Piracy means free-to-play is just as profitable as boxed PC games, says Ubi CEO22 Aug 2012
His comments come shortly after the release of Ghost Recon Online, a free-to-play, PC-only, shooter.
Guillemot says that the publisher is keen on the free-to-play model, as it helps their “brands last longer” because only “five to seven per cent” of PC players actually pay for boxed copies – the rest pirate them.
“We want to develop the PC market quite a lot and F2P is really the way to do it,” said Guillemot. “The advantage of F2P is that we can get revenue from countries where we couldn’t previously – places where our products were played but not bought. Now with F2P we gain revenue, which helps brands last longer.
“It’s a way to get closer to your customers, to make sure you have a revenue. On PC it’s only around five to seven per cent of the players who pay for F2P, but normally on PC it’s only about five to seven per cent who pay anyway, the rest is pirated. It’s around a 93-95 per cent piracy rate, so it ends up at about the same percentage. The revenue we get from the people who play is more long term, so we can continue to bring content.”
Guillemot continued by saying that free-to-play games allow Ubisoft to make games more cheaply by taking existing technology and implementing it in new ways, rather than starting each time.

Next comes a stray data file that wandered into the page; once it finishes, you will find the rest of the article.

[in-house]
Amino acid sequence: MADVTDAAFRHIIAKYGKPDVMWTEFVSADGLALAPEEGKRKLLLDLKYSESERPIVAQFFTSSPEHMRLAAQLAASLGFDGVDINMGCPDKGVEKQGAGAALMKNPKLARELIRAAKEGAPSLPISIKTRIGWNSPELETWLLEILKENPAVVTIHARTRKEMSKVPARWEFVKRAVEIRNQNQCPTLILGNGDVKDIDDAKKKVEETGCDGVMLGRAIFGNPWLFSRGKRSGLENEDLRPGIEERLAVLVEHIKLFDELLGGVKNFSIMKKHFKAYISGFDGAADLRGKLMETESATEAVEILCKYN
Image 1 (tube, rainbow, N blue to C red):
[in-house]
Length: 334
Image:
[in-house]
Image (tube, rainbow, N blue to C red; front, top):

“We also take content which we’ve developed in the past, graphics etc, and we can make cheaper games and improve them over time. What’s very important is that we change the content and make it a better fit to the customer as time goes on.”
Despite that, he concluded by saying the “traditional market” is not in decline and that the industry will be given a “huge boost” as soon as the new consoles are released.
“We must be careful because the consoles are coming. People are saying that the traditional market is declining and that F2P is everything – I’m not saying that. We’re waiting for the new consoles – I think that the new consoles will give a huge boost to the industry, just like they do every time that they come. This time, they took too long so the market is waiting.”